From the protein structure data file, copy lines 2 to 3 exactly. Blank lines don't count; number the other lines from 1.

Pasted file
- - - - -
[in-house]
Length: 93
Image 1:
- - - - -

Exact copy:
Length: 93
Image 1: